Archive for June, 2011
We’re coming with this news a little late, and we apologize for that, but today and tomorrow the Forum des Images is holding the Mashup Film Festival, a one-of-a-kind event celebrating one of our favorite new forms of art. Mashups, in case you don’t know yet, are sounds and images that are copied, pasted and reassembled, transforming them into something different. This artistic process, very characteristic of Web 2.0, is applied to movies at the Mashup Film Festival.
The festival’s jury is presided over by Jackie Berroyer, and will consist of the best mashup films created by five teams and internauts on the festival homepage.
Check it out. It’s free! It’s being held today, June 24, and tomorrow Saturday, June 25. For a full schedule click here.
From 12:30 on, with the final award being presented Saturday at 19:30 after the finalist films are prestented.
@ Forum des Images
Forum des Halles, 2, rue du Cinéma
Metro: Les Halles
RER: Châtelet-Les Halles
Martin Parr’s work is humorous and critical. He’s also a renowned Magnum photographer, as is Bruce Gilden, the iconic street photographer. This Saturday June 25 you have the chance to have your picture taken by them at Magnum’s “studio éphémère”, being set up at Magnum Photos in the 18th.
Of course, it’ll set you back a pretty penny; but that’s the price of ephemeral fame, isn’t it? Depending on the format you choose it will cost you €250 (A4 size) or €400 (A3 size), for a signed portrait, printed on the spot.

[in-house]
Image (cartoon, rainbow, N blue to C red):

For Martin Parr “Bring your fetish object, your pet or your partner…”
Gilden will be snapping your gritty, unposed pictures on the street.
Saturday June 25, 2011
@ Magnum Photos
19 rue Hégésippe Moreau
According to LeMonde: The operation is part of a set of events, the “Magnum Days”, the second of its kind, during which the agency wants to open its doors and meet the public. “The idea is to break the cold image of Magnum, and show that the photographers are there, they produce, they exchange” says Magnum.
LE BAL and the Magnum Foundation USA present 4 films to rediscover :
Company for Lunch, 1965, 26′
A commercial project produced for Xerox documenting the company’s annual meeting by six Magnum photographers.